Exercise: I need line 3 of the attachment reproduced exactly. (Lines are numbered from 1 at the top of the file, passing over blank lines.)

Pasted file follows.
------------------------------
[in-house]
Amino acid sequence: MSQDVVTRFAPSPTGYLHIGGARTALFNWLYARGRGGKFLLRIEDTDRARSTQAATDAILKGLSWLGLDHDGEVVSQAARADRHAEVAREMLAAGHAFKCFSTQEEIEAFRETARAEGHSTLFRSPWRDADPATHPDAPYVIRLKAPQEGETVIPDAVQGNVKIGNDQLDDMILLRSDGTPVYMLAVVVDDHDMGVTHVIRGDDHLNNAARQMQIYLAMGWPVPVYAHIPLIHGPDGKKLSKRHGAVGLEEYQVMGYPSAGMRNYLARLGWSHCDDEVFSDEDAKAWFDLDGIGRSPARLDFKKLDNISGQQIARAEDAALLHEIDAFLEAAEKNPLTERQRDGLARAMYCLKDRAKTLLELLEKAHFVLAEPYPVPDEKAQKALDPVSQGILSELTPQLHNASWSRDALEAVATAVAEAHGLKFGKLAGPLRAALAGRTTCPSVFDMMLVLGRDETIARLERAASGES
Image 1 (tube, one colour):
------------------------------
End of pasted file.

Image 1 (tube, one colour):